Limiting Slot Size
In order to fight this problem, Kyotaro Horiguchi had been working since February 2017 in a PostgreSQL patch to limit the size of WAL reserved by a slot. After a very long review and rework process I integrated it for PostgreSQL 13, improving management of high-availability PostgreSQL farms.
The main principle is that it is better to kill a replica (by somehow making its slot invalid; more on that below) than killing the primary server that feeds that replica and take all production down with it.
The way it works is pretty straightforward: set
max_slot_wal_keep_size (documentation) in postgresql.conf to the maximum amount of disk space of WAL that replication slots are allowed to reserve. If a slot reaches that point and a checkpoint occurs, that slot will be marked invalid and some WAL files may be deleted. If the slot was in active use by a walsender process, that process will be signalled so that it terminates. If the walsender starts again, it’ll find that necessary WAL files won’t be there anymore. The replica using that slot will have to be recloned.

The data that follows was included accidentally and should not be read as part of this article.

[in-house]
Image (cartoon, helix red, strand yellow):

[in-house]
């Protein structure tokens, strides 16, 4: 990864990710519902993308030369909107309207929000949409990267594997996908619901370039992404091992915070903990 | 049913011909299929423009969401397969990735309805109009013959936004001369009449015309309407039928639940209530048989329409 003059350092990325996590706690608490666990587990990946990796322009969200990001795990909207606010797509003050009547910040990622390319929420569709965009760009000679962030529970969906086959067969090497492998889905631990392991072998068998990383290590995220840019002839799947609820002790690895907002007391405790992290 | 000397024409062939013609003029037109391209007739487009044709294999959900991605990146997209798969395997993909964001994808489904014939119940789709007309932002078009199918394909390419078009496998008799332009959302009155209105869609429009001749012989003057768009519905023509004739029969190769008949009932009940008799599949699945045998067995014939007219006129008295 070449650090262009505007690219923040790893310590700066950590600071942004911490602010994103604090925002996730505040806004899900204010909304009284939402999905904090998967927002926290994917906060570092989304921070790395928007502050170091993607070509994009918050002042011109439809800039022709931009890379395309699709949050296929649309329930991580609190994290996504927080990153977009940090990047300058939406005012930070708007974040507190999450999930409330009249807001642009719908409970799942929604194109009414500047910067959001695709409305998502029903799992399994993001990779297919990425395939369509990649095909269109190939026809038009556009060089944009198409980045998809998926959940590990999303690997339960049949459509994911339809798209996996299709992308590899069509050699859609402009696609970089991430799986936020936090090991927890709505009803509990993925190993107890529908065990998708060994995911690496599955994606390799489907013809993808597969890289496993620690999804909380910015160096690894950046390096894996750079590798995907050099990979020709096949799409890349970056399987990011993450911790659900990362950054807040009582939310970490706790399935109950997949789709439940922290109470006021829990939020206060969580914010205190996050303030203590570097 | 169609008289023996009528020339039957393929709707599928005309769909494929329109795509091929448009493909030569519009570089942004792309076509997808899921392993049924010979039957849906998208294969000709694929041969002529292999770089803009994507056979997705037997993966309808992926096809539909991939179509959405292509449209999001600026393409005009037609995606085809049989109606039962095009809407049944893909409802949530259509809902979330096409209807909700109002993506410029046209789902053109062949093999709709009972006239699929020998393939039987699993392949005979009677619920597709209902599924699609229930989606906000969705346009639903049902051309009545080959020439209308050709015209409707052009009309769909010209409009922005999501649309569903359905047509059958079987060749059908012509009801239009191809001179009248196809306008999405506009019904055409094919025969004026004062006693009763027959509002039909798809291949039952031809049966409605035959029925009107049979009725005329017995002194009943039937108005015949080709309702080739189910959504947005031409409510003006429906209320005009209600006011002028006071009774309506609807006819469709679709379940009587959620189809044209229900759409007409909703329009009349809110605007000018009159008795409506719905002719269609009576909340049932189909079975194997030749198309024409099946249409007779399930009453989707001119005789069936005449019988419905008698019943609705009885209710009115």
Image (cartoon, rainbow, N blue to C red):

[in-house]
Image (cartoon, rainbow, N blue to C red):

max_slot_wal_keep_size is zero, which is the default value, then there’s no limit. I don’t recommend this, because it leads to failures when slots fill the disk.
Monitoring Slot Health
Also included are some monitoring features. Two columns in pg_replication_slots are relevant. The most critical one is
wal_status. If that column is
reserved, then the slot is pointing to data within
max_wal_size; if it is
extended then it exceeded
max_wal_size, but is still protected by either
max_slot_wal_keep_size (including when
max_slot_wal_keep_size is zero). Either state is good and normal. However, when a slot gets over the limit, it first becomes
unreserved, which means it’s in imminent danger, but can still recover if it’s quick enough. Finally, the status becomes
lost when WAL files have been removed and no recovery is possibleπ.
The other column is
safe_wal_size: it shows the number of bytes of WAL that can be written before this slot gets in danger of having WAL files removed. We suggest to keep a close eye on this column in your monitoring system, and fire alerts when it gets low. Zero or negative means your replica will be dead as soon as a checkpoint occurs:
SELECT slot_name, active, wal_status, safe_wal_size FROM pg_catalog.pg_replication_slots;
We believe that this new feature makes maintenance of replicas easier and more robust; hopefully we won’t see any more disasters with production down because of these problems.
safe_wal_size was introduced in 13beta3, so if you visit the PostgreSQL docs today, which are for 13beta2, you’ll see
min_safe_lsn instead. Ignore that.)
Special thanks to Kyotaro Horiguchi for working on solving this problem. Several reviewers got deep on this, among whom I’d like to thank especially Masahiko Sawada, Fujii Masao, Jehan-Guillaume de Rorthais, and Amit Kapila (in no particular order).